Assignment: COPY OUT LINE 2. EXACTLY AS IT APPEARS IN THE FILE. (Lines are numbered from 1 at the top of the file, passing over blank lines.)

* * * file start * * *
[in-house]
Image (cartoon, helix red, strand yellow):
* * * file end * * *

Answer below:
Image (cartoon, helix red, strand yellow):